Looking Back, Looking Ahead, and Thank You for the Honor of Serving CSTA

CSTA exists because of the work of a great many people and the support of computer science educators the world over who understand the importance of K-12 computer science education. This year marks the 10th anniversary of the founding of CSTA, and it will also be my last year at helm of this organization. So it seems a fitting time to look at where CSTA has been and where it might be going.
ACM launched CSTA in 2004 as a result of recommendations from the ACM K-12 Task Force. This Task Force had taken on a number of critical projects, including the launching of the annual Computer Science and Information Technology Symposium and the development of the ACM Model Curriculum for K-12 Computer Science, which was created by a committee led by Allen Tucker. The Task Force felt, however, that supporting and improving K-12 computer science education would require something that other key disciplines already had; a professional association for K-12 practitioners.
In November 2003, ACM Director of Membership Lillian Israel and I put together a proposal for the ACM Executive Council. With support from ACM Chief Operating Officer Patricia Ryan and Chief Executive Officer John White and from high-level ACM volunteer leaders such as Maria Klawe and Stuart Feldman, the ACM Executive Council agreed to launch CSTA in January of 2004, and I was hired as the Executive Director.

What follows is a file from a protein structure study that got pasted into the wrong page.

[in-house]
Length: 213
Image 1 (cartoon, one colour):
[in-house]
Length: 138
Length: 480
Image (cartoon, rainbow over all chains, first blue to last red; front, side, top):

Over the years, CSTA continued to evolve organizationally. By-laws were written, working committees were established, and the original Steering Committee transitioned to an elected Board of Directors. Robb Cutler served with distinction as CSTA’s first president, followed by Michelle Hutton, Steve Cooper, and now Deborah Seehorn who leads the volunteer side of the organization with enormous dedication and intelligence as the Chair of the CSTA Board of Directors.
CSTA also launched several projects that have deeply impacted K-12 computer science education. These projects included the Java Engagement for Teacher Training (JETT) program (also generously funded by ACM), which worked in partnership with universities to help teachers get ready for the Advanced Placement exam shift from C++ to Java, and the Computer Science and Information Technology Symposium, which has now become the CSTA Annual Conference. In April 2005, CSTA published the inaugural issue of the Voice, CSTA’s flagship member publication. In early 2006, CSTA also launched its regional chapter program, which today encompasses more than 50 chapters in 37 states and four Canadian provinces and fulfills the critical need for localized professional learning communities for teachers.